H.E. José María Aznar, Prime Minister of Spain (1996-2004), first highlighted the importance of contributions by organizations such as UPF for peacebuilding and dialogue. He shared from his own experience during his mandate, that all instruments for dialogue and peace must be used and that peace can be pursued not only through Track I diplomacy, but also “civil society, trade and commerce, humanitarian relief, interfaith dialogue, cultural exchange, and tourism.” In this manner, we can work towards building trust, mutual respect, reconciliation, and cooperation. He furthermore shared that we can enhance dialogue between North and South Korea using several strategies: First, to improve relations between the two Koreas, North Korea should denuclearize, and sustainable dialogue should be maintained. In this manner, security concerns of the two Koreas would be addressed, and the great powers of the region can contribute to this constructively. Second, to gain popular support for future negotiations, cooperation with civil society is necessary. In addition, the governments of the two Koreas should facilitate family reunions. Third, if there is willingness to establish peace and prosperity with mutual respect, important agreements will be reached.
H.E. Ilir Meta, President of Albania, gave a message of peace, first affirming that “a breakthrough of peace on the Korean peninsula would reflect globally.” He continued by highlighting the importance of preserving and protecting peace, which history has taught us can be fragile and often under threat. Peace should never be taken for granted, and it is our responsibility to seriously work and invest our efforts for peace. H.E. Meta furthermore quoted the Albanian Saint, Mother Teresa: “What can you do to promote world peace? Go home and love your family” and stated that “if all leaders loved their people as their family, humankind will be at peace without conflicts and divisions.” Moreover, President Meta sees the youth and education as the foundation of all societies and the future, and religious leaders as guides for social justice and peace, who can offer their mediation skills. As a conclusion, he recommended governments and civil society to work together by not only speaking the same language of peace, but also by truly believing in peace, which must “be the mission of every leader and the aspiration of every nation.” In this manner, the 38th parallel will become “a symbol of peace rather than division.”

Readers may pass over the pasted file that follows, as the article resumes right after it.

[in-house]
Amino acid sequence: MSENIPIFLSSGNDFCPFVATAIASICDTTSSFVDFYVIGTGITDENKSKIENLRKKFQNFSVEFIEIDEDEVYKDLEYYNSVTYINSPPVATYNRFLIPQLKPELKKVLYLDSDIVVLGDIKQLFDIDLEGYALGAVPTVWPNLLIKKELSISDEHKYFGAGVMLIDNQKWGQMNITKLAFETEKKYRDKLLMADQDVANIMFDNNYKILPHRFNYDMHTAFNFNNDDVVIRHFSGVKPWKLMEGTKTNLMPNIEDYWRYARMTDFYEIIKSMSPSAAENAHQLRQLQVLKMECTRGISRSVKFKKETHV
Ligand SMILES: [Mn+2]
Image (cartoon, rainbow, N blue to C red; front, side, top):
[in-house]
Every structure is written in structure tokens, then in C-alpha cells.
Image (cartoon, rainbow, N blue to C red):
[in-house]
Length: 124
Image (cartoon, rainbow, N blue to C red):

H.E. Filip Vujanovic, President of Montenegro (2003-2018), expressed his appreciation towards UPF for establishing a platform to discuss the perspectives for peace in the Balkans. Indeed, Montenegro and all of Former Yugoslavia have experienced terrible wars in the 20th century. H.E. Vujanovic shared that the suffering and the devastation of war experienced by the people of the region has allowed them to understand “the importance of peace, dialogue, and resolving disputes in a peaceful manner,” and that if we want to live with love, happiness, understanding, pluralism, respect, democracy, and prosperity, we must see peace as “the first and foremost value to preserve.” Moreover, he shared that at a future conference organized by UPF, speakers from the Balkans and from Korea could exchange ideas on the topic of peace in both regions. Despite their differences in terms of politics, culture, and geography, they share the same objective: “to reconcile and build lasting peace.” It is through continuous dialogue that we can come to understand “each other’s way of thinking, culture, challenges, and politics,” and in this manner accomplish this goal of peace, which will allow us to deepen the cooperation in economy, trade, technology, green energy, and to fight against diseases and natural disasters. H.E. Vujanovic concluded that through this, we will build “a sustainable future for our future generations.”